How much of what I believe is spoon fed to me by my culture and by my society’s standards? How much of what society calls “good” actually is good, and how much of what society labels “bad” is actually bad? How much of what I believe is good and how much is actually bad?
And it makes me understand how, in the realm of subjective morality, anything to anyone can be good or bad. I find the ethical debates of morality extremely interesting, but subjective morality position always made me laugh (of course, I am an objective moralist and a theist, but it’s still interesting to read other people’s philosophies).
But Wicked is an example of the many flaws in subjective morality theory. Morals are absolute, and so are labels. An evil person is evil, even if society upholds them as being good. A good person is good, even if society labels them “wicked.”
Without objective, universal morality, there is no way of telling what is good or what is evil. There is absolutely no way. Elphaba can be wicked, the wizard can be wonderful, and atrocities committed under the sun can be morally acceptable, just as long as people deem them as so.
But evil is still evil, and good is still good.
Woe unto them that call evil good, and good evil; that put darkness for light, and light for darkness; that put bitter for sweet, and sweet for bitter!
—Isaiah 5:20, KJV
What do we filter? Do we even have a filter? Is societal “good” generally accepted by us, and is societal “bad” generally rejected?
Metaphorically speaking, is Elphaba wicked in our eyes? Is the wizard good to us because everyone says he is? Is Glenda really good because she wears white and flies places in a bubble (by the way, I think the bubble is so symbolic…she never gets out of her “bubble”)?
Is Jesus good because we say He is, or is He good because of what He has done?
The people of Oz have no mind. Their society tells them what’s good and what’s bad.
Is our society being our brain for us? Making our minds up for us as to what’s wicked and what’s not?
Our Creator has given us the gift of reason and critical thinking. But, can we decide for ourselves what is truly evil and what is truly good?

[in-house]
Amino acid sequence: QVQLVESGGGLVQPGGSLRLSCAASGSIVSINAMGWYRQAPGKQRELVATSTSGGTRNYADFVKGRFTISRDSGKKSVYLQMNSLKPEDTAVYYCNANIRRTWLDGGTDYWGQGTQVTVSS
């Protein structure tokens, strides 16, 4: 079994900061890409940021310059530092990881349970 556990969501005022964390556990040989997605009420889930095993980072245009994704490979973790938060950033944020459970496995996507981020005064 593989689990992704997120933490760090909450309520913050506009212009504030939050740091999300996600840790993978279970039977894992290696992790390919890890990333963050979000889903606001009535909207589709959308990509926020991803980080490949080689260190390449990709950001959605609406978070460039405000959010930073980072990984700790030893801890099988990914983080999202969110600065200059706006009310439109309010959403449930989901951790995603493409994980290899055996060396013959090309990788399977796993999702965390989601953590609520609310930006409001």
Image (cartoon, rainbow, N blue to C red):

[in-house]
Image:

We can filter our mind through the truth found in Christ. Objective morality is only possible through the truth found in scripture, and through that which Christ instructs us.
Elphaba decided to defy the wizard and become “wicked” to the people of Oz. That was what made her such an admirable heroine. She wasn’t wicked. Everyone called her so, and she didn’t care. Elphaba had her own mind.
Well, there it is, my friends!
2019’s third spotlight post! I’ll be archiving this in the spotlight pages, which has grown quite a lot since last summer!
Anyways, it’s been lovely, dear readers! I hope you’ve enjoyed this as much as I loved writing it! Have you seen Wicked? What did you think of my analysis? Please, feel free to share this post, please like it if you haven’t already, and be sure to leave a comment down below (those always make my day 😀 ).
Oh, and just before I go, here’s two of my favorite songs from Wicked, as performed by the original cast, including Idina Menzel and Kristin Chenoweth! I can’t stop listening to these two songs…
Hope you all enjoy the music…I love these songs so much 🙂
Fallon, Kevin. “A ‘Wicked’ Decade: How a Critically Trashed Musical Became a Long-Running Smash.” The Daily Beast, 30 Oct. 2013, http://www.thedailybeast.com/a-wicked-decade-how-a-critically-trashed-musical-became-a-long-running-smash.